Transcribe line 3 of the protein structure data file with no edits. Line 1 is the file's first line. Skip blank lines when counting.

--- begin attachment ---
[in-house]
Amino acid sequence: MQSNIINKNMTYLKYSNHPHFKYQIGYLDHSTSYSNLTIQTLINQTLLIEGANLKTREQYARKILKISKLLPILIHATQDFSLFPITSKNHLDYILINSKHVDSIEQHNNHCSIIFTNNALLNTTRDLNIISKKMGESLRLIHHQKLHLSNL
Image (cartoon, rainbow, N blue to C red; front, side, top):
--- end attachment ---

Image (cartoon, rainbow, N blue to C red; front, side, top):